Despite starting in the nineteen fifties Formula one has never really captured the hearts of the North American public in the same way it has in Europe and Asia. There have been several attempts to have a regular fixture on the calendar in North America. The first was at Watkins Glen but the track became unsafe and underfunded so that it was not viable and races at Phoenix, Detroit and even Las Vegas failed to take off. The North American public were more enamoured with the close racing on the Ovals for NASCAR and IndyCar to be taken with the intricacies of Formula one. However, this has changed with the introduction of the USA Grand Prix at the circuit of the Americas in Austin Texas. It’s an exciting and challenging circuit and being part of the US F1 Paddock Club is a great way to see it and the best way to book a place is to go to edgeglobalevents.com/f1-paddock-club/f1-paddock-club-united-states. Despite the lack of interest there has been several North American racing drivers who have enjoyed varying degrees of success. Let’s have a look at some of them.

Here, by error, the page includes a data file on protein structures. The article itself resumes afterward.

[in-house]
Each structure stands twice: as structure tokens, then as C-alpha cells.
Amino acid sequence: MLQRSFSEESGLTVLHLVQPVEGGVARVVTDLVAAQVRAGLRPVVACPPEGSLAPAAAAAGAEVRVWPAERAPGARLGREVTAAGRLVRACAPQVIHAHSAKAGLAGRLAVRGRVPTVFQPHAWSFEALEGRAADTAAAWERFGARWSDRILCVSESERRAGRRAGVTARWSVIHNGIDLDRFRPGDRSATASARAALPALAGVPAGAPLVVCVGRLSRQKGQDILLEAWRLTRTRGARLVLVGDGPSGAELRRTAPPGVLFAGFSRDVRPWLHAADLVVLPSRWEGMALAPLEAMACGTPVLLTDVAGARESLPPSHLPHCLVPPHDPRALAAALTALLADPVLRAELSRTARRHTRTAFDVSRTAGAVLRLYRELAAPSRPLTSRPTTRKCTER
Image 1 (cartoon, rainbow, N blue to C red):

- Phil Hill. No relation to Graham or Damon, Phil Hill was the world champion in 1961 despite not having a very high win ratio. Hill drove a Ferrari and his victory at Monza was the first for a North American driver since Jimmy Murphy in 1929. He was also won of the last drivers to win in a front engine Ferrari. His world championship was marred by his teammate and closest Wolfgang Von Trips death and Hill retired a year later unwilling to risk his life anymore.
- Mario Andretti. Although not strictly North American, he only emigrated to the country for Italy when he was 15, Mario Andretti is still considered to be the best and most successful Formula one driver who is American. He began in 1968 with Lotus and raced continuously through to 1979. He came from IndyCar and soon began to out in some great performance and several wins. He spent time at Ferrari too for a while but was never able to challenge until 1978 when he won the world championship. As with Phil Hill his title was marred by an accident and subsequent death of Ronnie Petersen his teammate and friend.
- Dan Gurney. One of the pioneers of the sport as he was able to secure three wins for three inaugural constructors Porsche, Brabham and Eagle, building the last one himself. He is also thought to be the first driver to start the tradition of spraying champagne when he won. He was only to do that four times, but it was his contribution to aerodynamics and the still used Gurney flap on the front wing that has left the biggest impression.
There are others like Eddie Cheever, Mario’s son Michael Andretti and the aptly named Scott Speed (who wasn’t particularly) that also graced the stage.